**Contents:**

1. Introduction

2. Data

3. Calculations and Results

3.1 Determining the coefficients

3.2 How does the Team Rating perform compared to TSR?

3.3 How does the Team Rating perform compared to xG?

3.4 How well does the Team Rating represent the table at the end of the season?

4. Discussion

4.1 How early in the season can it be used?

4.2 Outliers

4.3 The effect of a shot on a teams rating

5. Appendix

**1. Introduction**

For a while now I’ve been playing with ways of improving raw TSR to find a metric that is more predictive of what will happen in the future by capturing the parts of the game that TSR misses. That being said, TSR on its own has proven very useful in a predictive capacity – based solely on knowing two numbers about a team from a prior season it does a good job of estimating the number of points that team will score next season. It does, however, have obvious flaws. As has been mentioned innumerable times it treats all shots as equally useful, and this patently isn’t true. For a second it takes no account whatsoever of score effects, which both Benjamin Pugsley and Sander Ijtsma have shown skew the number of shots taken by each team, as well as the quality of those shots.

One answer to this has been the development of Expected Goals (notated as xG from here on). Michael Caley here and Richard Whittall here do a solid job here of summarising the current state of the work being done in that area. Michael has demonstrated well that his xG model does a better predictive job than TSR, whilst also publishing his methodology (see here). Other models also have plots published showing their superiority to TSR in various ways, however the methodology behind those models isn’t available for peer review. For example, there’s a post from Sander IJtsma here and a tweet from Daniel Altman here.

I think with increasing knowledge xG has the potential to be a great metric, and encourage the continuing developments and refinements (as well as the publishing of work for peer review), however I don’t think it’s reached the stage yet where doing anything other than xG has no value. I also think there is probably a simpler method to improve upon TSR without the complexity that the calculation of xG brings. Thus I’m setting out to see how good of a predictive metric can be put together using just six pieces of information from each Premiership game played.

Really what we’re looking for is a measure of the proportion of goals scored by a team in it’s games. If a team increases the proportion of the goals it scores in its matches over the long run it will score more points. To my mind there are three components that go into whether a team scores more goals than it’s opposition over the course of a given number of games. I’ll define each of those components now, and then discuss how important each of them are later in the post. I’ll also add that I’m aware that each of these three statistics can be split up into attacking and defensive components, and it’s something I may look into in the future.

TSR – the proportion of shots a team takes in the matches it plays. As mentioned above it’s a very useful predictive measure in it’s own right, despite it’s obvious flaws. It is calculated as Total shots for/(Total shots for + Total shots against). A league average team would have a TSR of 0.500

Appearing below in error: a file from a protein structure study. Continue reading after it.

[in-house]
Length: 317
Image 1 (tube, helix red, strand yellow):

%TSoTt – it’s a horrible acronym that I’d really like suggestions for changing but this measures the relative propensity for a team to take shots that are on target and force it’s opponents to take shots that don’t go on target. A team may take more shots on target because it’s gets into better positions to shoot or because it has better players. The calculation is as follows: Shots on target for/Total shots for + Shots off target against/Total shots against. A league average team would have a %TSoTt of 1.000.

PDO – this measures the relative propensity of a team to score shots on target that it takes, and save shots on target that it concedes. As for %TSoTt a higher PDO may be due to the quality of chances that a team generates or the goal-scoring quality of the players it has. It is calculated as 1000*(goals for/shots on target for + (shots on target against – goals against)/shots on target against). A league average team would have a PDO of 1000.

So we’re basically combining ‘team a takes x% of the shots in its game’, ‘when team a takes/concedes a shot it has a y% chance of going on target’, and ‘when team a takes/concedes a shot on target there’s a z% chance that it results in a goal’. Or, mathematically, the Team Rating is expressed as TSR*%TSOTt*PDO.

**2. Data**

The source of the data is football-data.co.uk and I’m using data for the 2000-01 – 2013-14 Premiership seasons. I’ve taken the matches for each of the teams to have played in the Premiership in that period and ordered them chronologically. From there the methods diverge depending upon the study, and I’ll go into more detail at the beginning of each section. One thing to mention is that a fair number of these studies will include samples that cross seasons. For example let’s take a team that is in the Premiership for multiple seasons. For a study of how well a team does ‘x’ in a proceeding set of ten games to how well it does ‘x’ in the succeeding ten games there’ll be times when a sample will contain, for example, games 31-40 and games 41-50. For the first set of numbers games 31-38 are in season 1 and 39-40 are in season 2. I expected this to lead to weaker correlations, however the effect of this is surprisingly minimal for the three metrics that comprise the Team Rating (see appendix 1).

**3. Calculations and Results**